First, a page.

Conservative management can play a role in controlling clinical signs in both immature and mature dogs. The goal of conservative management in immature dogs is to control pain and maintain range of motion, along with maintenance of pelvic limb musculature. Conservative management of mature dogs is focused on osteoarthritis management as with any joint. In both immature and mature dogs, NSAIDs, chondroprotectants, omega-3 fatty acids and formal rehabilitation management are very effective.
The overall goals of conservative management are:
1. Control pain
2. Maintain comfortable range of motion (especially in extension)
3. Maintain muscle mass
The cycle of conservative management should begin with controlling pain so that a patient can comfortably exercise. Including daily exercise will help with maintaining range of motion and muscle mass. In addition, daily exercise with diet will help control body weight, which in return leads to less stress on the joints and, thus, more comfort for daily exercise. During periods when clinical signs worsen, additional multimodal management should take place and may include pharmaceuticals, joint injections, formal rehabilitation therapy and at-home exercise plans.
Regardless, early detection is key—in susceptible breeds, hip palpation should begin by 12 weeks of age. If a dog has a positive Ortolani sign, comes from a susceptible breed or has a history of hip dysplasia in the line, it should undergo a PennHip evaluation. If a dog has a high DI, then a JPS can be considered at 16 to 18 weeks of age.
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Rehabilitation: Back to a normal gait
The goals of rehabilitation in patients with hip dysplasia include maintaining or improving muscle mass, building muscle support around the lax or arthritic joint, reducing pain and encouraging weight loss.
Physical modalities can include thermotherapy (cold and warm packs). The benefits of cryotherapy are established and warm compresses can be used to relieve pain, cause vasodilation and also help to warm up stiff, tight tissues to begin other exercises.1
Therapy by light amplification by stimulated emission of radiation (y’know, LASER) has become very popular in recent years. There are different wavelengths, amplitudes, treatment times and other factors that must be considered. This process has also been called photobiomodulation and has been proposed to activate cytokines and other tissue factors, decrease pain and inflammation and increase wound healing. Remember to always use goggles for both humans and patients to avoid damage to the eyes (doggles, anyone?).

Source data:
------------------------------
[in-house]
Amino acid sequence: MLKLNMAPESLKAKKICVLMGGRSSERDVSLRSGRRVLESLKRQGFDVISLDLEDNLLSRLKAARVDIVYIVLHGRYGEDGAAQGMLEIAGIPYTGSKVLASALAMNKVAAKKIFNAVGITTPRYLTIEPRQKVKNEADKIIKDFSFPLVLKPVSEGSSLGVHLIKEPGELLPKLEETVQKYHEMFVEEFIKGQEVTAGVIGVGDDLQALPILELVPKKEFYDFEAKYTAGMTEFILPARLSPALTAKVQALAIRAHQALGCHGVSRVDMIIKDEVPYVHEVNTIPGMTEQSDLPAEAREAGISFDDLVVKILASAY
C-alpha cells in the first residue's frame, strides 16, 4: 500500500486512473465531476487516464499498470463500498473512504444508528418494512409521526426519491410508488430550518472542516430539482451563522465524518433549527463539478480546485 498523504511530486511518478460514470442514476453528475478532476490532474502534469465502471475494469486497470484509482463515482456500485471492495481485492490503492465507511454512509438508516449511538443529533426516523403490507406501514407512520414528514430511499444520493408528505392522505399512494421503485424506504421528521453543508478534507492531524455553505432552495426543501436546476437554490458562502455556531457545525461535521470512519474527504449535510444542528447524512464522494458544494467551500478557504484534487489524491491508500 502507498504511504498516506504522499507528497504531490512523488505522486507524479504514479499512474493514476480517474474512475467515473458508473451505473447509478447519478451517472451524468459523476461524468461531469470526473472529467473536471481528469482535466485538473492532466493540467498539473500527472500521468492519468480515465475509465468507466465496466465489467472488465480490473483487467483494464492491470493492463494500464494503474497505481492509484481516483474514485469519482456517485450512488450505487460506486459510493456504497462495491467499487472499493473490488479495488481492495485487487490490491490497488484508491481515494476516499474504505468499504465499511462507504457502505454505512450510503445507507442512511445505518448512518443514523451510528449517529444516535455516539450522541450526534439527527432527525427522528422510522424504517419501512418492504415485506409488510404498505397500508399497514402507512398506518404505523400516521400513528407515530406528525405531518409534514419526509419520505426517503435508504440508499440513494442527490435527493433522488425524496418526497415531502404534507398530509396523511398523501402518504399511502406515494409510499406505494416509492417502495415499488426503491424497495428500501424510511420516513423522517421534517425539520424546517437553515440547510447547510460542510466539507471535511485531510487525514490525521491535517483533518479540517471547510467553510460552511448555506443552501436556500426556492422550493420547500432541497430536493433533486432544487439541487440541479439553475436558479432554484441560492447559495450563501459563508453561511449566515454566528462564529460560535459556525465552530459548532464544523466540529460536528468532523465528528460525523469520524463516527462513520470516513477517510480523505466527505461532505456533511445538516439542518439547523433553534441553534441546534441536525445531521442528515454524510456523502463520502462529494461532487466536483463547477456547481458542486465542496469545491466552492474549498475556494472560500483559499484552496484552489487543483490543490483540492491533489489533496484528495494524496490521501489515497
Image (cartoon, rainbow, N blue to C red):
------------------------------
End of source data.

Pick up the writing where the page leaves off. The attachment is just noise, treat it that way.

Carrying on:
Manual therapies are skilled hand movement techniques intended to improve tissue extensibility, increase range of motion, induce relaxation, mobilize or manipulate soft tissues and joints, modulate pain and reduce swelling and inflammation. These can include massage and joint mobilization. The basic principles of joint mobilization work from physiologic motions and accessory motions. Physiologic motions are normal active motions that are available at a joint (e.g. flexion, extension, abduction and internal rotation). Accessory motions are movements that can’t be performed actively (e.g. distraction, compression, glides, spins and rolls).
Therapeutic exercises are the “meat and potatoes” of rehabilitation. These are designed to work a patient from a recumbent position back to normal (or as close as possible) activity following injury or insult. Exercises in this group can include Cavaletti rails, balance boards, balance disks or other core strengthening equipment. Once walking on a flat non-slip surface is achieved, adding varying degrees of difficulty (uphill, through different traction, etc.) can be included. Sit-to-stand exercises and core strengthening with dancing exercises are also helpful. Daily leash walks are also essential to their exercise regiment. The key is to keep the patient moving and building.
Did we sway you?
To sum it all up, hip dysplasia has a complex pathophysiology with the predominant feature being joint laxity. Many factors contribute to joint laxity. Clinical signs will vary depending on the stages of disease—but remember, an older dog that is acutely non-weight bearing will often have a cruciate rupture, not be experiencing its first signs of hip dysplasia. A thorough physical examination with good quality radiographs is needed. Early detection is key so, if needed, a JPS can be completed. If the patient is over 18 weeks of age, early identification will aid in consulting the owners on the appropriate initial conservative management options and what to expect in the future.
1. Millis D, Levine D. Aquatic therapy. In: Canine rehabilitation and physical therapy. 2nd ed. Philadelphia: Elsevier, 2014.